Prevent Nuclear War Maryland, 325 E. 25th Street, Baltimore, MD 21218
CONTACT: Max Obuszewski at 727-256-5789 or 410-323-1607 or mobuszewski2001 at Comcast dot net
Baltimore City Council to pass resolution on Hiroshima Day calling for Nuclear Disarmament
PRESS RELEASE-FOR IMMEDIATE RELEASE
August 3, 2018
WHO: Prevent Nuclear War Maryland is a group of Marylanders working to reduce the threat of nuclear war by organizing a groundswell of Maryland citizens and organizations to support 1) the national Back From the Brink Call to Prevent Nuclear War and 2) similar resolutions at the state and local government levels.
WHAT: Members of Prevent Nuclear War Maryland met with Baltimore City Council members Bill Henry [District # 4] and Mary Pat Clarke [District # 13], and the councilmembers agreed to introduce a Back From the Brink resolution on behalf of Chesapeake Physicians for Social Responsibility. This “Call to Prevent Nuclear War” is a grassroots campaign seeking to fundamentally change U.S. nuclear weapons policy and lead us away from the nuclear precipice. The Call lays out five common-sense steps that the United States should take to reform its nuclear policy: 1-Renouncing the option of using nuclear weapons first; 2-Ending the sole, unchecked authority of any U.S. president to launch a nuclear attack; 3-Taking U.S. nuclear weapons off hair-trigger alert; 4-Cancelling the plan to replace its entire nuclear arsenal with enhanced weapons: and 5-Actively pursuing a verifiable agreement among nuclear-armed states to eliminate their nuclear arsenals.
Baltimore would be the first major city in the United States to sign on to Back From the Brink, joining eleven small cities and towns in Massachusetts and Ojai, California. Council Resolution Request for Federal Action – Move Back From the Brink and Toward Nuclear Disarmament is expected to pass.
WHEN: at 2 PM on August 6, 2018
WHERE: City Council chambers, City Hall, 100 N. Holliday Street, Baltimore, MD 21202
WHY: It is appropriate and symbolic that the resolution will pass in August 6. In 1945, the United States dropped an atomic bomb on the Japanese city of Hiroshima. Three days later, the US dropped a plutonium bomb on the port city of Nagasaki.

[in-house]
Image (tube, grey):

Over the next 30 years, the U.S. intends to spend $1.2 trillion to refurbish its nuclear arsenal and create lower-yield weapons which could increase the likelihood they may be used. The Council’s resolution breaks down the cost to taxpayers: “Whereas just in the past year, Baltimoreans averaged $175 per capita for a ‘nuclear weapons war tax’ paying a collective “$107.5 million in federal taxes toward the cost of producing, deploying and maintaining nuclear weapons. Marylanders as a whole averaged $244 per capita, with the state collectively paying an estimated $1.45 billion in 2017 federal taxes toward our country’s cost of nuclear weapons.”
Councilperson Henry makes the connection by quoting Reverend Martin Luther King, Jr. who said “'A nation that continues year after year to spend more money on military defense than on programs of social uplift is approaching spiritual doom.'” He added, “We need to invest more of our resources in ourselves and in our children, striving for a future in which our efforts towards building a stronger society are no longer diminished by our efforts to mutually assure our own destruction." Back From the Brink is a reminder that spending billions of tax dollars on revamping the nuclear arsenal is an affront to the needs of the people.
On July 7, 2017 the Treaty on the Prohibition of Nuclear Weapons (TPNW) was adopted by 122 countries at the United Nations. While the United States was not a signatory, our government must be pressured as the best way to reduce the risk of nuclear war will require the abolition of nuclear weapons.
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Let me know if you would like to see the resolution. Kagiso, Max